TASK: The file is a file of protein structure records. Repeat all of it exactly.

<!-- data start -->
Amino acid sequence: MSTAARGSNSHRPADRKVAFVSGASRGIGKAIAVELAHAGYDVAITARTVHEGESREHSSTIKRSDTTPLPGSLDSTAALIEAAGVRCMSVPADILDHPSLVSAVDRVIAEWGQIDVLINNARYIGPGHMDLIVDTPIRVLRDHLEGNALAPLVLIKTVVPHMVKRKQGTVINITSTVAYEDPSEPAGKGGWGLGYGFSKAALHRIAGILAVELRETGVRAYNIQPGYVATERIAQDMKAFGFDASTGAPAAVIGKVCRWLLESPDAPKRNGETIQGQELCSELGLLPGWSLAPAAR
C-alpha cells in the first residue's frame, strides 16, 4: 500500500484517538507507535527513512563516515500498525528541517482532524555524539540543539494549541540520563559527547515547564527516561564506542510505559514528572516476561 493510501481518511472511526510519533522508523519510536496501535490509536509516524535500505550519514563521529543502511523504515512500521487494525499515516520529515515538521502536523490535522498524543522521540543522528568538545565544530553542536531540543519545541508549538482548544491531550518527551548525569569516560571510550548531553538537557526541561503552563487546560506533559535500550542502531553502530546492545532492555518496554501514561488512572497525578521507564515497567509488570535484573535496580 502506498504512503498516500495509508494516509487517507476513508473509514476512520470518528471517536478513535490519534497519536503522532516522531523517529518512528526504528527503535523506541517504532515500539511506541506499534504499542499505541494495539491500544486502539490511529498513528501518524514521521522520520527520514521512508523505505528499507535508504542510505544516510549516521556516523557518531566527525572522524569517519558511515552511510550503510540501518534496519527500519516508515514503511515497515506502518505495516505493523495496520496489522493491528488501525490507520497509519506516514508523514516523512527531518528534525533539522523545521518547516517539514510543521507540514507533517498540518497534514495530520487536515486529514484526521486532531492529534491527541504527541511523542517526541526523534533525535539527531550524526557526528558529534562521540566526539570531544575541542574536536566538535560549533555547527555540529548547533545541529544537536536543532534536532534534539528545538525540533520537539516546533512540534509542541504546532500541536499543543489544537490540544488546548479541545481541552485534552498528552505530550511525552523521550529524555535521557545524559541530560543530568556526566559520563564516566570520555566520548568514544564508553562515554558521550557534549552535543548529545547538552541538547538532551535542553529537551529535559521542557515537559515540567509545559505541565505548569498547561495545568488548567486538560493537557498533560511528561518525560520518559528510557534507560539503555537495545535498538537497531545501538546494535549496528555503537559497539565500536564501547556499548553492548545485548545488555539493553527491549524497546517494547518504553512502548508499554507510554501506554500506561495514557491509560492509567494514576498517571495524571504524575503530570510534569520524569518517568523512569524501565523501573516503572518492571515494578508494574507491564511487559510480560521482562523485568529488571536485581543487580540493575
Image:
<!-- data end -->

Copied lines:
Amino acid sequence: MSTAARGSNSHRPADRKVAFVSGASRGIGKAIAVELAHAGYDVAITARTVHEGESREHSSTIKRSDTTPLPGSLDSTAALIEAAGVRCMSVPADILDHPSLVSAVDRVIAEWGQIDVLINNARYIGPGHMDLIVDTPIRVLRDHLEGNALAPLVLIKTVVPHMVKRKQGTVINITSTVAYEDPSEPAGKGGWGLGYGFSKAALHRIAGILAVELRETGVRAYNIQPGYVATERIAQDMKAFGFDASTGAPAAVIGKVCRWLLESPDAPKRNGETIQGQELCSELGLLPGWSLAPAAR
C-alpha cells in the first residue's frame, strides 16, 4: 500500500484517538507507535527513512563516515500498525528541517482532524555524539540543539494549541540520563559527547515547564527516561564506542510505559514528572516476561 493510501481518511472511526510519533522508523519510536496501535490509536509516524535500505550519514563521529543502511523504515512500521487494525499515516520529515515538521502536523490535522498524543522521540543522528568538545565544530553542536531540543519545541508549538482548544491531550518527551548525569569516560571510550548531553538537557526541561503552563487546560506533559535500550542502531553502530546492545532492555518496554501514561488512572497525578521507564515497567509488570535484573535496580 502506498504512503498516500495509508494516509487517507476513508473509514476512520470518528471517536478513535490519534497519536503522532516522531523517529518512528526504528527503535523506541517504532515500539511506541506499534504499542499505541494495539491500544486502539490511529498513528501518524514521521522520520527520514521512508523505505528499507535508504542510505544516510549516521556516523557518531566527525572522524569517519558511515552511510550503510540501518534496519527500519516508515514503511515497515506502518505495516505493523495496520496489522493491528488501525490507520497509519506516514508523514516523512527531518528534525533539522523545521518547516517539514510543521507540514507533517498540518497534514495530520487536515486529514484526521486532531492529534491527541504527541511523542517526541526523534533525535539527531550524526557526528558529534562521540566526539570531544575541542574536536566538535560549533555547527555540529548547533545541529544537536536543532534536532534534539528545538525540533520537539516546533512540534509542541504546532500541536499543543489544537490540544488546548479541545481541552485534552498528552505530550511525552523521550529524555535521557545524559541530560543530568556526566559520563564516566570520555566520548568514544564508553562515554558521550557534549552535543548529545547538552541538547538532551535542553529537551529535559521542557515537559515540567509545559505541565505548569498547561495545568488548567486538560493537557498533560511528561518525560520518559528510557534507560539503555537495545535498538537497531545501538546494535549496528555503537559497539565500536564501547556499548553492548545485548545488555539493553527491549524497546517494547518504553512502548508499554507510554501506554500506561495514557491509560492509567494514576498517571495524571504524575503530570510534569520524569518517568523512569524501565523501573516503572518492571515494578508494574507491564511487559510480560521482562523485568529488571536485581543487580540493575
Image: